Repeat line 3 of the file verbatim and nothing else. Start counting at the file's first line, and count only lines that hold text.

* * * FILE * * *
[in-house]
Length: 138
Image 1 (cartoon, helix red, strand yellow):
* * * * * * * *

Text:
Image 1 (cartoon, helix red, strand yellow):